Previous: The Path to Keatley Creek
After studying stone tool fabrication and use with the aborigines in Australia, Brian Hayden returned to the University of Toronto to complete work on his doctorate. One summer he was given a contract for a dig where a new airport was planned. "There was basically an undisturbed village in the Pickering area in the way of the runway", he said. "I got the contract to do the excavation before they put in the runway. At that location I became very interested in long houses as social and economic phenomena. We called them corporate groups at the time, residential corporate groups... There's an interesting problem as to what kind of social forces could bring all these people together... It's not universal, and archaeologically it's very visible."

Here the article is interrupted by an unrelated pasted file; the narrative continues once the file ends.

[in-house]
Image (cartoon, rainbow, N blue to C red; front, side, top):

A desire to understand the sort of corporate living arrangements he found at the Pickering site, which showed evidence of "owners" and "workers" living in a single longhouse, would prove to be a guiding force in his career. He wanted to investigate how these early instances of a rudimentary class system evolved, and how they functioned. What was life like in these transegalitarian societies, with large households encompassing two unequal classes?
While the pits themselves are all that remain at Keatley Creek, researchers invited to a reconstructed pit house get a feel for what the structures were like when occupied. (Photo by Alan Honick)
Since the pits were all we could see at Keatley Creek, it took a leap of the imagination to visualize the houses that once stood there, and what life might have been like for the people who lived in them.
Luckily, we were provided an excellent visual aid. Our hosts arranged for us to visit another archaeological site, where we were taken on a tour of a reconstructed pit house by Chief Bradley Jack of the Xwisten Nation.
Next: House Pit Seven